89 Books about Poland | Polish War Graves in Britain
In September 1939 Bohdan Hryniewicz was eight and a half years old. He lived in Wilno (Vilnius), Poland, with his parents and older brother Andrzej. Every summer the boys moved, with their governess, to their country house three miles from Wilno. There they played with the sons of military families. Wilno, close to the Russian border, had several Polish Army regiments stationed there.
That year the boys returned early to Wilno: mid-August rather than mid-September. They overheard talk of war with Germany. They saw less of their father and their favourite Uncle who commanded a squadron of armoured cars. The radio played martial music and on 30 August large yellow posters appeared in the streets ordering the mobilisation of the military. War was coming to Poland.
On 1 September 1939 Nazi Germany attacked and invaded Poland. Bohdan awoke to the sound of the radio, his mother was listening to the news of the invasion. Wilno was deserted as all the motor vehicles had been requistioned by the army. On 16 September the air sirens blared, the German air force bombed the railway station. The following day Soviet Russia attacked Poland from the east. Early on the morning of the 19 September Russian tanks rolled into Wilno.
The Russians ordered that all Polish Officers should register at their headquarters. Of the few that did, they were detained and most were never heard from again. The Soviet Secret Police (NKVD) arrived in Wilno a few days after the Russian army. They began to arrest prominent Poles. At the end of October the Russians moved out and the Lithuanian Army were given control of the city. The tower on Castle Hill now flew a large yellow, red and green Lithuanian flag rather than the red and white Polish flag. De-Polonisation began. Wilno University the second oldest in Poland was closed. Polish school teachers were laid off. All the streets were renamed in Lithuanian.
On 10 May 1940 Germany attacked France. By the end of June France had capitulated. On 17 June the Soviet Union occupied Wilno for the second time. By the autumn the independent baltic states had ceased to exist, instead they were now absorbed into the Soviet Union as socialist republics. In June 1941 the NKVD conducted mass arrests. People were taken from their homes, loaded onto trains of cattle trucks and deported into exile in Siberia. Bohdan's uncle Richard was deported to a gulag in the Artic circle and his wife was taken to a collective farm in Kazakhstan.
In June 1941 Nazi Germany turned on it's Soviet ally and attacked them. Once again German planes bombed Wilno railway station. The German army occupied Wilno and for days large columns of captured Russian soldiers marched through the streets of Wilno.
The Lithuanians alone waved and greeted the German troops as saviours. Swastika flags appeared in the windows of a few Lithuanian households. (p. 39)
The Germans established a ghetto for Jews in Wilno. A third of the population of Wilno was Jewish. The Germans executed large numbers of Jews and some Poles in the nearby Ponary forest.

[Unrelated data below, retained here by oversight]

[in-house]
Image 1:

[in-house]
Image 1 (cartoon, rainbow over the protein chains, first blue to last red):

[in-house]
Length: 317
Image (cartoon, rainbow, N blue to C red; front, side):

By December 1941 the Germans had suffered reverses in their campaign against the Soviet Union.
The bitter Russian winter and the lack of proper winter clothing created a large number of frost-bite casualties in the German army. We started to see convalescing German soldiers without fingers, ears, noses and even eyelids. (p. 45)
Return to Warsaw
In early February 1943 the Soviets defeated the Germans at the Battle of Stalingrad. Bohdan's mother upon hearing this news said: "We have to move to Warsaw, we will never see Wilno Polish again". In March they left Wilno for Warsaw. They initially stayed with his mother's aunt before moving to a boarding house in Sienna Street in April. That month the Jewish uprising in the Warsaw ghetto started. By the middle of May the Germans had eliminated the Jews and demolished all the buildings in the ghetto.
In Warsaw Bohdan saw evidence of the Polish Underground. On buildings the symbol "PW", in the shape of an anchor, was painted. It stood for Polska Walczy (Fighting Poland). Bohdan wanted to join the Boy Scouts which were associated with the Underground. He was accepted and chose the code name for himself of Sokol (Falcon). They met twice a week and he was trained in communications, map reading and first aid.
Ours was an underground continuation of the ZHP...the pre-war Polish Boy Scouts. The underground Boy scout organisation was formed in the autumn of 1939...It assumed a new name, Szare Szeregi, meaning "Grey Ranks". (p. 61)
The Grey Ranks were divided into three groups based on age:
- Age 12 to 14 called Zawisza - aim prepare themselves for auxiliary military service in the case of an uprising.
- Age 15 to 17 called Bojowe Szkoly (Combat School) - underwent military training and took part in small acts of sabotage
- Age 18+ called Grupy Szturmowe (Assault Groups) - incorporated into Home Army and used on special operations.
Those serving in the Grey Ranks took the oath:
I vow to serve in the Grey Ranks, to safeguard the organisation's secrets, to obey service orders and to never retreat before the sacrifice of my life.
In January 1944 Soviet forces crossed the 1939 Polish-Soviet border. By July 1944 the Germans had begun to evacuate Warsaw fearing an imminent Soviet attack. Hitler issued an order that Warsaw was to be defended to the last man. On 1 August at 5pm the Warsaw Uprising began!
The Polish Home Army in Warsaw launched their long planned attack on the occupying German Army. Bohan heard the sound of heavy fighting from the direction of Napoleon Square. There was machine gun fire and explosions. The Polish flag of red and white began to appear on buildings. News came through that the Post Office building in Napoleon Square was now in Polish hands. Bohan later watched as the Kilinski Battalion who had captured the post office building marched down Szpitalna Street.